Imagine your own sprawling Shangri-la: Half Moon Montego Bay, 400 smartly manicured acres and a curving two-mile beach, seven restaurants and two bars. Golf or tennis, anyone? Try out the resort's excellent Robert Trent Jones Sr. golf course, or the tennis courts surrounded by gardens. You'll snorkel for hours in the shallows just off your terrace, paddling among the blowfish, big pink conchs and bright parrot fish. Stay in a whitewashed villa and enjoy the good life that has brought Queen Elizabeth II, Roger Moore, and the Kennedys to Half Moon. Round Hill Hotel and Villas, eight miles west of MoBay, is a Caribbean legend, a refuge for celebs then and now: from Clark Gable, Grace Kelly, and Paul McCartney to Demi Moore and Sigourney Weaver. Ralph Lauren, who owns a villa here, decorated the main bar and lobby. Stay in the 36-room Pineapple House Hotel by the sea or in one of 27 private hillside villas, which come with a private pool and a housekeeper who cooks your breakfast of fresh fruit, eggs, and banana pancakes. Stake out the glam new spa, set in an 18th-century plantation house by the sea.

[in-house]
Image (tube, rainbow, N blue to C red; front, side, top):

Hide away with the hummingbirds and butterflies at Strawberry Hill, which comprises a dozen delightful frame cottages tucked into Blue Mountain coffee country a half hour from Kingston. Part of the chic Island Outpost group, Strawberry Hill will lure you with mountain breezes, dazzling views, and old-time steamer-trunk elegance. You'll dine on New Jamaican cuisine (like West Indian pumpkin soup or jerk rack of lamb loin), and on Saturday afternoon, high tea is a must. Treat yourselves to a session at the Aveda Concept Spa, which uses delightful botanical ingredients in its varied treatments.
Small, sweet, and sensual, the 50-room Coyaba Beach Resort Club nestles into a sandy cove five miles from pulsating MoBay. Your room, with a four-poster and bright floral decor, opens onto a terrace above the pool and sea. Dine lavishly in the Vineyard restaurant, then drop into the Polo Grounds bar, a hot spot for the MoBay in crowd, and cap off the night in the Jacuzzi.
Where to Stay
- Couples Negril, 800-COUPLES, couples.com
- Sandals Dunn's River Falls, 888-SANDALS, sandals.com
- Royal Plantation Ocho Rios, 888-48-ROYAL, royalplantation.com
- Half Moon Montego Bay, 800-626-0592, halfmoon.com
- Round Hill Hotel And Villas, 800-972-2159, roundhilljamaica.com
- Strawberry Hill Hotel & Spa, 800-OUTPOST, firstname.lastname@example.org
- Coyaba Beach Resort Club, 877-232-2344, coyabaresortjamaica.com
For more information, contact the Jamaica Tourist Board, 800-233-4582, visitjamaica.com